Desquamative vaginitis is a condition that resembles atrophic vaginitis, except that the individual does not have estrogen deficiency. The condition was described in 1965 by Gray and Barnes, who termed it desquamative inflammatory vaginitis because of the large numbers of white blood cells (WBC) and squamous epithelial cells present in the vaginal discharge. In 1968, Gardner described eight cases of vaginitis that resembled atrophic vaginitis, but the patients had an estrogen deficiency. Lynch, in 1975, suggested that desquamative vaginitis is a variety of lichen planus because the patient also had buccal and gingival plaque similar to that seen in lichen planus patients. Edwards and Friedrich reported five cases of desquamative vaginitis in patients with oral lesions similar to those seen with lichen planus, then suggested that desquamative vaginitis is caused by erosive lichen planus.

Clinical Presentation And Diagnosis

Desquamative inflammatory vaginitis presents with erythema of the vaginal epithelium, especially the posterior fornix and portio of the cervix. Typically the areas of erythema are a deep, fiery red with well-defined borders. Superficial ulcerations and bleeding also accompany this condition. Occasionally, a gray pseudomembrane develops over the inflamed tissue, which can be easily removed. A characteristic of these ulcerations is the development of a narrow reticulated border at the periphery of the ulcers and the presence of non-erosive lichen planus lesions found elsewhere on the skin or mucus membranes (Table Clinical characteristics of desquamative inflammatory vaginitis).

Table Clinical characteristics of desquamative inflammatory vaginitis

Postcoital bleeding
Erosive diffuse vaginitis
Areas of hemorrhage
Areas of a white reticulated pattern
Copious green discharge
Vaginal adhesions might be present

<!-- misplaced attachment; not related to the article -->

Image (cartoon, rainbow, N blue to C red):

Negative whiff tests
Large numbers of squamous cells and parabasal cells
A large number of white blood cells
The noticeable absence of a significant decrease in the number of lactobacilli present
The absence of Trichomonas vaginalis and Candida albicans

In an attempt to determine the microbiologic etiology, Gardner cultured a variety of pathogens from patients in his case study (Table Pathogens isolated from the vagina of patients with desquamative inflammatory vaginitis in a study by Gardner). He concluded that desquamative inflammatory vaginitis was not caused by an infection because no common bacterium was isolated. However, Gardner did not have the ability to culture and identify obligate anaerobic bacteria. Sobel reported that 51 patients with desquamative inflammatory vaginitis had a diffuse exudative vaginitis, exfoliation of squamous epithelial cells, and purulent discharge. Sobel did not find a common bacterium but did note a significant decrease in Lactobacillus. These patients all had a diffuse exudative purulent vaginal discharge, an increase in the number of parabasal cells, an elevated vaginal pH, and the presence of a large number of Gram-positive cocci. The increase in vaginal pH to 5 or more is inhibitory to the growth of Lactobacillus and favors growth of the non-lactobacilli pathogenic bacteria. The presence of an overgrowth, in some patients, by Gram-positive cocci suggests that Streptococcus agalactiae might possibly be an etiologic agent.

Table Pathogens isolated from the vagina of patients with desquamative inflammatory vaginitis in a study by Gardner

Number of patients Pathogen
4 Haemophilus vaginalis iCardnerella)
3 Candida albicans
2 Trichomonas vaginalis
2 Streptococcus agalactiae
2 Staphylococcus coagulase negative
1 Bacillus subtilis
7 Non-group A streptococci
1 Staphylococcus aureus
1 Staphylococcus epidermidis
1 Escherichia coli

Treatment for Desquamative Vaginitis

The treatment for desquamative inflammatory vaginitis has been the use of intravaginal corticosteroids: 12.5 mg vaginal suppositories inserted twice a day for 2 months. This is followed by the administration of 12.5 mg vaginal suppositories once a day for 2 months and then maintenance therapy of 12.5 mg intravaginal suppositories one to three times a week. When Sobel treated 51 patients with 2% clindamycin intravaginal suppositories, more than 95% of his patients achieved improvement but 30% relapsed.

It appears that the etiology of desquamative vaginitis is still unknown, but the basic underlying alteration is an increase in pH that results in a decrease in the growth and presence of lactobacilli. The net result is that bacterial growth within the vagina is reduced and there is a large number of WBC. Thus, it appears that the best approach to treatment is the administration of steroids intravaginally. The steroids need to be administered for a prolonged period and tapered down once there is noticeable improvement. The patient will be required to remain on a maintenance dose for a further prolonged period. When vaginal steroids are discontinued, the patient may experience a relapse. If this occurs, steroid therapy should be reinstituted.

Selections from the book: “Vaginitis: Differential Diagnosis and Management” (2003).

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